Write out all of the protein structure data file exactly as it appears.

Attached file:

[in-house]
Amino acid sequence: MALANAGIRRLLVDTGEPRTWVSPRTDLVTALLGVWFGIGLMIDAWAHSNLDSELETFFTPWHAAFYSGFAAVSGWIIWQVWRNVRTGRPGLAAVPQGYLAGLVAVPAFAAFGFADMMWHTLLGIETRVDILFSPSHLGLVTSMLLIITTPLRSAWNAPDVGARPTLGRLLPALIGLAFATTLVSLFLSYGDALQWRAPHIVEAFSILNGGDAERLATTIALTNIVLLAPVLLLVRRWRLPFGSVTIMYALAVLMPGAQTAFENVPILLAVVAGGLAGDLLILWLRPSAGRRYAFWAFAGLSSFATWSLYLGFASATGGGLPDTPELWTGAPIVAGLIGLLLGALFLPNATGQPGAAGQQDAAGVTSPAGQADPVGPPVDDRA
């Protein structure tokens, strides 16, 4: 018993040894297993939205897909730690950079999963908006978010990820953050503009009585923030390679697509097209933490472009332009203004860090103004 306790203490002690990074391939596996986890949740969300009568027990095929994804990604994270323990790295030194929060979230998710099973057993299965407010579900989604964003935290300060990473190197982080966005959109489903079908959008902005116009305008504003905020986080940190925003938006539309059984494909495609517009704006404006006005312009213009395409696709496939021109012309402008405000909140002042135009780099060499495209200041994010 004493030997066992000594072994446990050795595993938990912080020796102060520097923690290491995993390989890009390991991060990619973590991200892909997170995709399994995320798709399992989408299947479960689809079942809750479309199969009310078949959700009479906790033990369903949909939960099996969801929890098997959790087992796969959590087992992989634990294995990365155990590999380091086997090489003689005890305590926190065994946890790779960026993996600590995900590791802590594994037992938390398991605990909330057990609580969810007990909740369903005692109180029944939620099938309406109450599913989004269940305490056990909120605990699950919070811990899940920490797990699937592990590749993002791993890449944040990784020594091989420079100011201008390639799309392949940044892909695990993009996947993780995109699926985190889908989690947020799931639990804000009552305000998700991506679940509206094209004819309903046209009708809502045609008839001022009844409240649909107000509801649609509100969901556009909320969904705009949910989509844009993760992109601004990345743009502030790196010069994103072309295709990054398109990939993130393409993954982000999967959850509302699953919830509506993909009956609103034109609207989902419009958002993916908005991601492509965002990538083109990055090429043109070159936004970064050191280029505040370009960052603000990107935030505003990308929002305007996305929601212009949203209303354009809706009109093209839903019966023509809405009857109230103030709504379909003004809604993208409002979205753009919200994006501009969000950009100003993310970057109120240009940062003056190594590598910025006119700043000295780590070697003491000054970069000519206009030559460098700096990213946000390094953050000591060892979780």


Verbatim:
[in-house]
Amino acid sequence: MALANAGIRRLLVDTGEPRTWVSPRTDLVTALLGVWFGIGLMIDAWAHSNLDSELETFFTPWHAAFYSGFAAVSGWIIWQVWRNVRTGRPGLAAVPQGYLAGLVAVPAFAAFGFADMMWHTLLGIETRVDILFSPSHLGLVTSMLLIITTPLRSAWNAPDVGARPTLGRLLPALIGLAFATTLVSLFLSYGDALQWRAPHIVEAFSILNGGDAERLATTIALTNIVLLAPVLLLVRRWRLPFGSVTIMYALAVLMPGAQTAFENVPILLAVVAGGLAGDLLILWLRPSAGRRYAFWAFAGLSSFATWSLYLGFASATGGGLPDTPELWTGAPIVAGLIGLLLGALFLPNATGQPGAAGQQDAAGVTSPAGQADPVGPPVDDRA
């Protein structure tokens, strides 16, 4: 018993040894297993939205897909730690950079999963908006978010990820953050503009009585923030390679697509097209933490472009332009203004860090103004 306790203490002690990074391939596996986890949740969300009568027990095929994804990604994270323990790295030194929060979230998710099973057993299965407010579900989604964003935290300060990473190197982080966005959109489903079908959008902005116009305008504003905020986080940190925003938006539309059984494909495609517009704006404006006005312009213009395409696709496939021109012309402008405000909140002042135009780099060499495209200041994010 004493030997066992000594072994446990050795595993938990912080020796102060520097923690290491995993390989890009390991991060990619973590991200892909997170995709399994995320798709399992989408299947479960689809079942809750479309199969009310078949959700009479906790033990369903949909939960099996969801929890098997959790087992796969959590087992992989634990294995990365155990590999380091086997090489003689005890305590926190065994946890790779960026993996600590995900590791802590594994037992938390398991605990909330057990609580969810007990909740369903005692109180029944939620099938309406109450599913989004269940305490056990909120605990699950919070811990899940920490797990699937592990590749993002791993890449944040990784020594091989420079100011201008390639799309392949940044892909695990993009996947993780995109699926985190889908989690947020799931639990804000009552305000998700991506679940509206094209004819309903046209009708809502045609008839001022009844409240649909107000509801649609509100969901556009909320969904705009949910989509844009993760992109601004990345743009502030790196010069994103072309295709990054398109990939993130393409993954982000999967959850509302699953919830509506993909009956609103034109609207989902419009958002993916908005991601492509965002990538083109990055090429043109070159936004970064050191280029505040370009960052603000990107935030505003990308929002305007996305929601212009949203209303354009809706009109093209839903019966023509809405009857109230103030709504379909003004809604993208409002979205753009919200994006501009969000950009100003993310970057109120240009940062003056190594590598910025006119700043000295780590070697003491000054970069000519206009030559460098700096990213946000390094953050000591060892979780």